Chess Team Aims for National Title After International Play
While many Saint Louis University students will head home for a winter break, the players on SLU’s award-winning chess team have their sights set on national play and on the movements across the sport’s international board this holiday season.
The team recently took part in a “blitz”-style chess tournament in Panama City, Panama on Nov. 4, which attracted players from Cuba, Peru, Spain and from across Latin America. Eder Aquendo and local Panamanian chess teams organized the event, which features chess played in a faster-than-normal time frame. Traditional tournaments can last up to two weeks while blitz tournaments last one or two days.
Over the University’s winter break, the team will compete in Columbus, Ohio, in the Pan-American Intercollegiate Chess Championships. The Columbus tournament will run from Wednesday, Dec. 27, through Saturday, Dec. 30.
SLU’s international play in Panama and appearance at the intercollegiate championships are no accident, Ramirez continued.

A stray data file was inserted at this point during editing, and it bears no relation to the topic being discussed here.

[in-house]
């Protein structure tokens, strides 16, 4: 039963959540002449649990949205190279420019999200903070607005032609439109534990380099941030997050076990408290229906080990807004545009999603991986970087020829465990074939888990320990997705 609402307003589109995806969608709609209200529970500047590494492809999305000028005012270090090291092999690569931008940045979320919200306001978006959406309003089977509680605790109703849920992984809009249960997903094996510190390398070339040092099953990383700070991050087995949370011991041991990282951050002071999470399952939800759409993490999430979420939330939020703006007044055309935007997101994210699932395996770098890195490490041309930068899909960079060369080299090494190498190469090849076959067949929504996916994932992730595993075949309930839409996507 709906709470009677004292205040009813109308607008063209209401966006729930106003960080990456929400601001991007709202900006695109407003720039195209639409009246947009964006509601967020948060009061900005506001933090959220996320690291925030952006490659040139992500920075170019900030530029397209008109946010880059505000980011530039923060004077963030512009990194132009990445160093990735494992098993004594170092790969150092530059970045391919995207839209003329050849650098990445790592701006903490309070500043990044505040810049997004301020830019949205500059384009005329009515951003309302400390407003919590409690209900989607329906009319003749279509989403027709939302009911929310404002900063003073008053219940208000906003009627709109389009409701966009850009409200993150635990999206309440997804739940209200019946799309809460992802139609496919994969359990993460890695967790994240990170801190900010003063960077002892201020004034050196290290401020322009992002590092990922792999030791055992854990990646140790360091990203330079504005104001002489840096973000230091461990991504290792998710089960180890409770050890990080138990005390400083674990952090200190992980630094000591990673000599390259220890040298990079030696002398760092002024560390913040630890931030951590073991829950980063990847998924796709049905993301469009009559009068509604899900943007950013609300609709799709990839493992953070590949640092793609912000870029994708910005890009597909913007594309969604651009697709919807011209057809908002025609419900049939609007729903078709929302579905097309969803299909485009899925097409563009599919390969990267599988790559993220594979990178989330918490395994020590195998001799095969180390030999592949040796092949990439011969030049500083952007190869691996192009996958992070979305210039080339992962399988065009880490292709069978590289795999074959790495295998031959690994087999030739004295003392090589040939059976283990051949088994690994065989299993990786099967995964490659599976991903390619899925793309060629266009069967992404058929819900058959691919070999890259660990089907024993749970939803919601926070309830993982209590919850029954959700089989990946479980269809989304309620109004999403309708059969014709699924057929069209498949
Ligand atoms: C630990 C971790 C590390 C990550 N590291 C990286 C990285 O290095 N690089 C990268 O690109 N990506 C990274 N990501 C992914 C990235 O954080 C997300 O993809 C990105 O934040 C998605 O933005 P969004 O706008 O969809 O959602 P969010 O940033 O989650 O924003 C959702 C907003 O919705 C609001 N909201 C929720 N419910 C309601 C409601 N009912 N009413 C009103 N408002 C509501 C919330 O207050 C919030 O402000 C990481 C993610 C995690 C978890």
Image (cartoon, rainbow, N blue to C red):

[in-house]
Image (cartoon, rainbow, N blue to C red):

“SLU is being more and more recognized in the international chess scene,” he said. “Interest in the team is spanning from potential players from Europe, Asia and Latin America, so it is clear that word of SLU’s team has spread around the world.”
SLU’s team has also made international headlines as the place where Iranian chess grandmaster, Dorsa Derakhshani, now a freshman, found a supportive home and chess community after she was banned from playing for Iran over her refusal to wear the hijab during international play.
During the Panama tournament, sophomore Francesco Rambaldi played a solid fourth board, holding his own against chess legends Julio Granda and Lazaro Bruzon before taking first place in the tourney. Alejandro Ramirez, SLU’s chess coach, said the Panama tournament was great practice for the team, which will be training from 9 a.m. to 5 p.m. daily once his students finish their fall exams on Dec. 20.
When they settle down at their boards at the Pan-American championships, they will face over players from more than 60 other universities.
“Our goal this year,” Ramirez said, “is to qualify again for the Final Four, and also to have a real shot at winning the event.”
The learn more about SLU’s chess team, visit the team's website.
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